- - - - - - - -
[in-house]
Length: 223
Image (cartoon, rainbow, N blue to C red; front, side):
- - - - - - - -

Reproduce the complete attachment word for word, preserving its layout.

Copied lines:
[in-house]
Length: 223
Image (cartoon, rainbow, N blue to C red; front, side):